The Data

I’m using University of New South Wale’s cyber security dataset that is granted for free use for research purposes. It has over 2M records of traffic information that is labelled as an attack or not and in specific the type of attack. The dataset I extracted from this for over a period of few hours contains predominantly DOS attack and a few other related attacks.

These were some of the relevant features that the dataset had:

> colnames(complete_data)

[1] "srcip"             "sport"             "dstip"             "dsport"            "proto"             "state"

[7] "dur"               "sbytes"            "dbytes"            "sttl"              "dttl"              "sloss"

[13] "dloss"             "service"           "Sload"             "Dload"             "Spkts"             "Dpkts"

[19] "swin"              "dwin"              "stcpb"             "dtcpb"             "smeansz"           "dmeansz"

[25] "trans_depth"       "res_bdy_len"       "Sjit"              "Djit"              "Stime"             "Ltime"

[31] "Sintpkt"           "Dintpkt"           "tcprtt"            "synack"            "ackdat"            "is_sm_ips_ports"

[37] "ct_state_ttl"      "ct_flw_http_mthd0" "is_ftp_login0"     "ct_ftp_cmd0"       "ct_srv_src"        "ct_srv_dst"

[43] "ct_dst_ltm"        "ct_src_ ltm"       "ct_src_dport_ltm"  "ct_dst_sport_ltm"  "ct_dst_src_ltm"    "isAttack"

Duration Incoming Source Bytes (sbytes) Incoming Destination Bytes (dbytes) Source Time to Live (sttl) Destination Time to Live (dttl)
Source packet loss (sloss) Destination packet loss (dloss) Source bits pers second (Sload) Destination bits per second (Dload) Source average mean packet size (smeansz)
Destination average mean packet size (dmeansz) Count of requests from same source port to the destination IP (ct_dst_sport_ltm) TCP round trip time (tcprtt) Time to SYN-ACK in the TCP connection (synack) Response Body length (res_bdy_len)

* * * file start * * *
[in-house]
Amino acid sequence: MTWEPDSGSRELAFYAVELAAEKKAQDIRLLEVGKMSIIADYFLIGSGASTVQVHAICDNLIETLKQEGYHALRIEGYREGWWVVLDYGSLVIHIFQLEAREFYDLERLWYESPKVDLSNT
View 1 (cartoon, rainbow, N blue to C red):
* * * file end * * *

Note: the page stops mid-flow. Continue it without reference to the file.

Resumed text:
Data Visualization

As I wanted to explore interactive options for data visualizations, I discovered Plot.ly – an graphing library that was very interactive and provides almost all types of graphs that I wanted. The main purpose of these visualizations was to understand the distribution of the underlying dataset, the range of certain features, the skewedness of certain columns, how some features could be visually related to the response variable and to get an idea of the overall information the dataset contained.

Histogram of the Requests over a period

This graph shows you the number of requests in a window of 3 hours, the unit of X axis being minutes.

This is a Box plot showing the range of the packet sizes for both source and the destination packets.

Protocol Distribution shows the distribution of different protocols represented in the dataset, that helps understand that the dataset has predominantly TCP and UDP connections.

This graph helps understand the destination packet loss and how this feature is relevant to the attacks (shown as red dotted lines).

Mbps over time in relation to the attacks (shown as red dotted lines)

Source packet TTL vs Time with marked attack information.